The commoner. (Lincoln, Neb.) 1901-1923, May 08, 1908, Page 8, Image 8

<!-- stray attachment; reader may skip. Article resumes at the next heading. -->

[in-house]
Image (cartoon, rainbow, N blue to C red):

"jy-- "mimprwm'WWIIVmv''v' """""' The Commoner. VOLUME 8,.' NUMBER 1 s TCURBeNT & 'i tlftY4iti?g'W',w"i11 J '' ' iMtf MA Iff ffc h3 WRITING IN THE Saturday Evening Post Bailey Millard tolls how the big thief escapes. Ho says: "In Now York, as is shown by the records of District Attorney Jerome s offlco, tho big thief nearly always goes free Of 3,274 cases of grand larceny under which head come tho embezzlements in tho years 1905 and 190G thoro wore only three cases of conviction in which tho sum named in tho records was $50,000 or over. Tho groat mass of tho other convictions was for tho stealing of sums ranging from $100 to $1,000. Your big thief, even whoro tho law lays its hands upon him, gets off; your little thief is likely to go to jail. But ovon the little offenders' chances are good' bottor than two to ono. For of 11,037 cases of grand larceny reported by tho chief cleric of tho district attornoy of Now York for tho seven years ended December 31, 1900, there were G,G37 cases acquitted, discharged or dismissed, and thoro woro only 4,400 convictions. Tho fact that thoro have boon a fow more convictions for ombozzloment in 1907 than in tho previous year in nearly all tho large cities is merely tho result of thoro having been a much greater num ber of ombozzloments, and does not mark a growing tendency to prosecute, as some misin formed writors seom to think." BEFORE ADOPTING a special rule which " provides for considering and passing tho sundry civil appropriation bill, after eight hours' general debate, tho houso April 27, llstonod to Mr. Williams, tho minority leador, In an ex planation of the filibuster ho is conducting. Tho filibuster, ho said, will end tho moment tho house gives permission for tho consider ation of tho campaign publicity bill; a bill to put wood pulp and print paper on tho freo list and tho. ,antl-lnj unction bill. These meas ures, Mr. "Williams insisted, wore all a part of tho president's legislative program. Every roll call which was taken was only an emphasis, which the country understood, to tho lack of action by tho republican majority. Tho filibus ter, Mr. Williams said in conclusion, would con tinue until tho desired results were accom plished. That it was not delaying business was evidenced by tho fact that supply bills were now further along than usual at this time In a long session. THE COMPLETION of one hundred years of Catholicism In Now York was celebrated April 28 in St. Patrick's cathedral, New York City, with impressivo services. A Now York dispatch to tho Chicago Record-Herald says: "Six thousand worshippers thronged tho cathe dral and thousands more stood outsldo, content, since they could not gain entrance, to cheer and bow in prayer as they watched tho groatest procession of Roman Catholic church dignitaries assembled in America in many years. It was "a serviqo of thanksgiving, blessed by Pope Pius X. through his spocial representative, Mgr. Fal conlo, and graced by a personal message from his holiness. Tho service was in tho form of a pontifical mass, tho celebrant, Cardinal Loguo, primate of Ireland, who said in addressing tho vast congregation: 'The church and religion havo mado tho most wonderful progress here. It Is a fine commentary upon tho faith which wo profess that it should be so, and our church has shown again tho clear adaptation of which it is capable. Hero, in a republican form of Bovornmont, tho church is a livo, a very live, organization, forging ahead. I truly think that tho progress of the church in America under tho republican form of government is just another mark of her universality and adaptability, as well as being one of tho greatest roligious move ments of modern times." -lyr, ROOSEVELT'S four battleship plan was JLVJL defeated in th.o senate. Senator Bevoridge of ' Indiana led tho fight for the president. Twenty-three votqs were cast for the increased program, tho nuniber largely being made up of recently elected senators. Pifty senators voted to support tho houso and the recommendation of tho senate naval committee in favor of build ing only two battleships. Tho roll call on the Piles amendment follows: Yeas Ankley, Bev erldgo, Borah, Bourne, Briggs, Brown, Burkett, Dupont, Flint, Fulton, Gamble, Hansbrough, Heyburn, Lodge, McCreary, Owen, Paynter, Piles, Smith (Mich.), Smoot, Southerland, Tay lor, Warner 23. Nays Aldrich, Bacon, Bank head, Brandegee, Burkeley, Burnham, Burrows, Carter, Clapp, Clarke (Wyo.), Clay, Crane, Cul berson, Cullom, Curtis, Daniel, Davis, Dick, Dil lingham, Dixon, Foraker, Frazier, Fryo, Galling er, Gray, Gore, Guggenheim, Hale, Hemenway, Johnson, Kean, Long, McCumber, Money, Nel son, Nowlands, Nixon, Overman, Perkins, Piatt, Richardson, Simmons, Stephenson, Stewart, Stone, Taliaferro, Teller, Warner, Wetmore 50. Of the democrats, only four Messrs. McCreary, Owen, Paynter and Taylor, voted for the four battleship program. Pairs were recorded as follows: Messrs. Elkins and Bailey, Allison and Clarke (Ark.), Depow and McEnery, Scott and McLaurin, Penrose and Martin, Dolliver and Raynor, Milton and Tillman and Knox and Hop kins. Three senators, Messrs. Kittridge, Smith (Md.) and LaFolletto did not vote and were not paired. As finally passed tho bill carries ap propriations aggregating $123,115,659, and pro vides for tho construction of two battleships and two colliers and the purchase of three addi tional colliers, tho construction of submarines and other necessary craft, and increases the pay of officers and enlisted men, as well as increas ing both tho pay and the strength of the marine corps. which has been waged here for low street car fare and public control of urban transportation, marked by much bitterness throughout and noted for the many appeals made to the courts. Various predictions are made as to the time when it shall be possible to begin tho proposed three cent fare, ten days being the lowest time spoken of. To bring about the settlement today, according to previous agreement, the Forest City Railway company, at a meeting of its direc tors, absorbed the Low Fare Railway company. The two companies, therefore, merged with the Cleveland Electric Railway company, upon action of its directors, also earlier today. The property taken over by the Cleveland Railway company, and which will be operated by the holding company, has a total valuation of $23, 690,000. To be added to this valuation eventu ally will be $11,300,000 for future extensions and improvements. The holding company will have to pay a dividend of six per cent annually, on the stock. All existing franchises were aban doned by the old companies. The new fran chise will protect both the interests of the public and the property of the Cleveland Railway com pany. The grant may be renewed every ten years, but is non-revocable during any twenty five year period. In the event the holding com pany fails in its purpose, the property shall re vert immediately to the -benefit of the Cleveland Railway company. The rate of fare shall at no time or under any circumstances be more than five cents cash fare, or six tickets for" twenty-five cents. It can be made as low as good service will permit." IN AN EDITORIAL printed in the Louisville Courier-Journal and entitled "The Political Outlook," Henry Watterson says: "The time has passed for 'some one else,' Mr. Bryan re- taming the field; it Is too late for 'some one olso,' tho conditions what they are; and I con fess that I am in sympathy with Mr. Bryan in refusing to bo ruled off the track by a group of New York politicians, whose motives are, to say the least of them, suspicious, which will sup port no ticket except one framed by themselves, and which do not agree with one another touch ing the ticket to be namedr Whatever his claims may be, or may not be, Mr. Bryan has his rights, and no thoughtful man can, or will say, that he can not be elected, the ipse dixit equally of the unthinking, the interested and the prejudiced to the contrary being of no weight whatever. But among democrats, who know why they are democrats, there ought to bo other and higher considerations; some arrest of the breakneck speed on the highway toward the centralization of power; some real and not spurious purpose toward tariff reform; some sure separation of the politics of the country from its partnership with high finance and the high financiers; some breaking up of groups and rings, of wheels inside wheels, always in volved by a change of parties, even when made only for the sake of a change. The Courier Journal is a democrat, not a republican, and, standing by the sincerity of its record, it will support the ticket to be headed by Mr. Bryan, as actively and as earnestly as if it represented its original preference and opinion." THREE CENT street car fares are now in vogue on all lines operating within the city of Cleveland. A Cleveland, O., dispatch says: "At the regular meeting of the city coun cil a 'security grant' was passed under suspen sion of tho rules to the Cleveland Railway com pany, a new corporation which took over tho consolidated properties of the old companies. At the end of the council meeting that body' as a committee of tho whole, met the officials of the Cleveland Railway company, the Cleve land Electric Railway company, the Forest City Railway company, and tho Low Faro Railway company In the chamber of Commerce hall wherp the final papers were, signed-and passed! leaving the property of the Cleveland Railway company to the Municipal Traction company, the holding, or operating, company, for fifty years. Thus ended tho seven years' contest A CLEVELAND, O., dispatch following the passage of the street car ordinance tells of the celebration of Mayor Tom Johnson's vic tory in this way: "For the first time in the history of this" city street car service' way abso lutely free today, not a fare being rung up on any car within the city limits. This action was decided upon late last night after the papers had been finally signed, ending the long street car war, in order that the occasion might be duly commemorated. It is proposed to cele brate the same date each year with -free street car service. The entire street railway' system of the city was today operated by the Municipal Traction company, the new holding company. It was announced this afternoon that the three cent rate -of fare will go into effect tomorrow instead of at the expiration of ten days, as had been previously planned. It was also announced today that all the conductors and motormen employed on the old Cleveland Electric railway lines will receive an increase of one cent an hour in order to put them on the same wage basis as the men employed on the other lines taken over by the holding company. About three thousand men will be affected by the increase." THE RALEIGH (N. C.) News and Observer says: "Mr. Bryan has been greatly blessed by his enemies. They have criticised him so often upon false reports that later, when people would find out that the whole thing was based on a falsehood, they have learned to wait for the facts before accepting the criticisms of ene mies. The latest criticism is that Mr. Bryan said last week that Governor Johnson's entering the contest for the presidency was an 'imperti nence.' Of course Mr. Bryan never thought or said anything of the kind, but the critics went along severely abusing Mr. Bryan for an asser tion that his friends knew he never could have made. After delivering themselves of the stereo typed 'rebukes' the truth came out and every body was forced to accept tho statement that there wasn't a word of truth in the publication. Did the critics apologize for the unjust com ments based upon an unjust statement? No, they discovered that a newspaper correspondent in Washington who Imd long been an admirer of Bry&u and a friend of the Nebraskan, had made the blunder of using that term about the gov ejrnpr of Minnesota. Mr. Bryan had jiever heard of. the statement attributed to him until he heard the criticisms," , , ' , . - - ftUijJ-MfK.r-'